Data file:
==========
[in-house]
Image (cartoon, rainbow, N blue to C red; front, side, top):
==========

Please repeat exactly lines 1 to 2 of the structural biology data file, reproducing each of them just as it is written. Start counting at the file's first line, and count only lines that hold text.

[in-house]
Image (cartoon, rainbow, N blue to C red; front, side, top):